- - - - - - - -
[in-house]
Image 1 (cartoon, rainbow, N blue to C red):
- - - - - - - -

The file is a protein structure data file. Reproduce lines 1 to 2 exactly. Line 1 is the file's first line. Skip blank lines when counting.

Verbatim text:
[in-house]
Image 1 (cartoon, rainbow, N blue to C red):